When I first started designing, one of the most helpful resources I had access to was a thread on Ravelry (actually, it might have been several) that outlined successful proposals that designers had sent publishers. In the spirit of giving to others, I’ve been wanting to open a series of posts about successful proposals that I have done, in the hopes that other budding designers can learn from them.
I’m also doing it in the spirit of a Theatre Traditon (actors and stagehands and practically everyone that has something to do with the stage are big on traditions) which is called the Post Mortem (debriefing). Literally “after death”, it’s a meeting after the run of a play that talks about what has been done well, what didn't go well, and what would be changed in the future. Nobody’s perfect. There’s always room to improve.
So in that spirit, this is my proposal for Sockupied Spring 2013.
You can take a look at it here, or it is embedded below.
I actually sent them two proposals, but one of them I’m sending out to other magazines, so I can’t show you yet. But I can show you the one that got in.
Things that were done well:
- Big picture of the swatch. Well photographed and in good light. A must.
- Outline of inspiration – a fair amount of companies, I’ve found, often use the language from my inspiration post that I write on my proposals. It works for me, so I keep doing it.
- I meet the design call requirements – I have my contact information, the yarn needed, and construction details. I have a brief bio that I always use.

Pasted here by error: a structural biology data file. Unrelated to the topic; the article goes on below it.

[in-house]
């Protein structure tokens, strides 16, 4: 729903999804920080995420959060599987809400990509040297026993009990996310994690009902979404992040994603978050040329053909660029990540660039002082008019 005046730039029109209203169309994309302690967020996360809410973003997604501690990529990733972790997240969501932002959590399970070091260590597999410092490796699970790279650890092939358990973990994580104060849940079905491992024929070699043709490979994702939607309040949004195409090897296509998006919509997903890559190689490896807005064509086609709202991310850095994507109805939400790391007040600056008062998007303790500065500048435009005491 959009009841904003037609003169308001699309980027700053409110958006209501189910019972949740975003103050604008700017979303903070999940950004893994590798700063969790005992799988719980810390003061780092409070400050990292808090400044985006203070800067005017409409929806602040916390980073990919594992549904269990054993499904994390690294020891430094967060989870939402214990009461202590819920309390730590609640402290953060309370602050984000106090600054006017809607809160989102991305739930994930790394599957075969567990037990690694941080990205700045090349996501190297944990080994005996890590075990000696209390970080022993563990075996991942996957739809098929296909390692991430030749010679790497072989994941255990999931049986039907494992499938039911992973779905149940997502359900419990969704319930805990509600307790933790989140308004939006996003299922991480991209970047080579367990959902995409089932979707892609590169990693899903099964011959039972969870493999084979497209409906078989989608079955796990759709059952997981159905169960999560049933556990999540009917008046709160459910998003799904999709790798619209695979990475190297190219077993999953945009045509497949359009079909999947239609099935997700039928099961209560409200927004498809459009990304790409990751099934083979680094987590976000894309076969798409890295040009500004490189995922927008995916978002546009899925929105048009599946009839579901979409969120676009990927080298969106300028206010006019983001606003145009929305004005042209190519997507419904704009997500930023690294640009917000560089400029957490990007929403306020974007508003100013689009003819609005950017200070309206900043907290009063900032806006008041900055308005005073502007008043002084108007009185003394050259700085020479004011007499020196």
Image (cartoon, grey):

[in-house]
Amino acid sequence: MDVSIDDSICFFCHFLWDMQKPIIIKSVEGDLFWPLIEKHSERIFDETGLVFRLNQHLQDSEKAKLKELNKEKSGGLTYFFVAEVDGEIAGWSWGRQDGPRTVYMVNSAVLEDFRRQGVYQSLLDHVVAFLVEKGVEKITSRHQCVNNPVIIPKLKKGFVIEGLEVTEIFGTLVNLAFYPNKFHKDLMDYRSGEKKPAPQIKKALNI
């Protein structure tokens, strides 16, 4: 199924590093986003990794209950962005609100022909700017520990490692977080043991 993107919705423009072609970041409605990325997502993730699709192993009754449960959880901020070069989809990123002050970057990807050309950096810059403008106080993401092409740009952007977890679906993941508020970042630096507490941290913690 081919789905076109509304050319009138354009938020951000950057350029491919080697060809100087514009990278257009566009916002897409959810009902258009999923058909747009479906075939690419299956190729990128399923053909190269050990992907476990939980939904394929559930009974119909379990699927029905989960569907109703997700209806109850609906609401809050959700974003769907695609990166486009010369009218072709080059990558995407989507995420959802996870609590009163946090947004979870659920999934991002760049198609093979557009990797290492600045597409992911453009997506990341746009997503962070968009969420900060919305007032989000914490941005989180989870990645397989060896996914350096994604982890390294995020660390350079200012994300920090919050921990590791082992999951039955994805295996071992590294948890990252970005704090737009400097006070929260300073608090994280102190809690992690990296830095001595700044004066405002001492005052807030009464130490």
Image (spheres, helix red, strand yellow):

- I high-lighted that this pattern works well in multicolored and solid yarns. A lot of companies like patterns that are able to do this, and in this case, it made a good fit for the One Sock Two Ways feature in Sockupied.
- It’s one page.
- My drawing skills need to improve. I could have made a much better drawing – and this is something I’m working to fix. On the other hand, as long as the drawing is functional and conveys what you want it to convey – don’t stress out about it too much. Companies are hiring a designer for their knit or crochet ability – not their drawing ability.
- I could have used a more professional layout. This I’ve already fixed. I hired someone shortly after I submitted this to create a logo for me, and later in the year I’ll be hiring the same person (Knitterella) to do layout design for me. This is the first way many editors meet me – it always pays to present yourself well.